Tuesday, November 14, 2017

Born Today in 1900: The Dean of American Composers, Aaron Copland

Aaron Copland was born in Brooklyn, New York, today, November 14, in 1900. He was an American composer, composition teacher, writer, and later a conductor of his own and other American music. 

Copland was referred to by his peers and critics as "the Dean of American Composers." The open, slowly changing harmonies in much of his music are typical of what many people consider to be the sound of American music, evoking the vast American landscape and pioneer spirit. 

He is best known for the works he wrote in the 1930s and 1940s in a deliberately accessible style often referred to as "populist" and which the composer labeled his "vernacular" style. Works in this vein include the ballets "Appalachian Spring," "Billy the Kid," and "Rodeo;" his "Fanfare for the Common Man;" and "Third Symphony." In addition to his ballets and orchestral works, he produced music in many other genres including chamber music, vocal works, opera and film scores.

After some initial studies with composer Rubin Goldmark, Copland traveled to Paris, where he first studied with Isidor Philipp and Paul Vidal, then with noted pedagogue Nadia Boulanger. He studied 3 years with Boulanger, whose eclectic approach to music inspired his own broad taste. 

Determined upon his return to the U.S. to make his way as a full-time composer, Copland gave lecture-recitals, wrote works on commission and did some teaching and writing. He found composing orchestral music in the modernist style he had adapted abroad a financially contradictory approach, particularly in light of the Great Depression. He shifted in the mid-1930s to a more accessible musical style that mirrored the German idea of Gebrauchsmusik ("music for use"), music that could serve utilitarian and artistic purposes. During the Depression years, he traveled extensively to Europe, Africa, and Mexico, formed an important friendship with Mexican composer Carlos Chávez and began composing his signature works.

During the late 1940s, Copland became aware that Stravinsky and other fellow composers had begun to study Arnold Schoenberg's use of twelve-tone (serial) techniques. After he had been exposed to the works of French composer Pierre Boulez, he incorporated serial techniques into his "Piano Quartet" (1950), "Piano Fantasy" (1957), Connotations for orchestra (1961) and Inscape for orchestra (1967). 

Unlike Schoenberg, Copland used his tone rows in much the same fashion as his tonal material—as sources for melodies and harmonies, rather than as complete statements in their own right, except for crucial events from a structural point of view. From the 1960s onward, Copland's activities turned more from composing to conducting. He became a frequent guest conductor of orchestras in the U.S. and the UK and made a series of recordings of his music, primarily for Columbia Records.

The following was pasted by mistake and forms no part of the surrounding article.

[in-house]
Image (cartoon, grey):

Copland's biographer, Howard Pollack, wrote that Copland was gay and that the composer came to an early acceptance and understanding of his sexuality. Like many at that time, Copland guarded his privacy, especially in regard to his homosexuality. He provided few written details about his private life and even after the Stonewall riots of 1969, showed no inclination to "come out." However, he was one of the few composers of his stature to live openly and travel with his intimates. They tended to be talented, younger men involved in the arts, and the age-gap between them and the composer widened as he grew older. Most became enduring friends after a few years and, in Pollack's words, "remained a primary source of companionship." Among Copland's love affairs were ones with photographer Victor Kraft, artist Alvin Ross, pianist Paul Moor, dancer Erik Johns, composer John Brodbin Kennedy, and painter Prentiss Taylor.

Victor Kraft became a constant in Copland's life, though their romance might have ended by 1944. Originally a violin prodigy when the composer met him in 1932, Kraft gave up music to pursue a career in photography, in part due to Copland's urging. Kraft would leave and re-enter Copland's life, often bringing much stress with him as his behavior became increasingly erratic, sometimes confrontational. Kraft fathered a child to whom Copland later provided financial security, through a bequest from his estate.

Copland's health deteriorated through the 1980s, and he died of Alzheimer's disease and respiratory failure on December 2, 1990, in North Tarrytown, New York (now Sleepy Hollow) and his ashes were scattered over the Tanglewood Music Center near Lenox, Massachusetts. Much of his large estate was bequeathed to the creation of the Aaron Copland Fund for Composers, which bestows over $600,000 per year to performing groups.


1 comment:

Raybeard said...

For a long time it's been a source of wonder to me (though maybe it shouldn't be) how many of America'a most renowned classical composers have been gay. One gets the impression that the proportion may be higher than for any other country. And not only for 'classical' but for other types of music too, though for classical music especially. Very interesting.